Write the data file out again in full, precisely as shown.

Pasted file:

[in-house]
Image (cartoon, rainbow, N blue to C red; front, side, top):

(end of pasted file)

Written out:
[in-house]
Image (cartoon, rainbow, N blue to C red; front, side, top):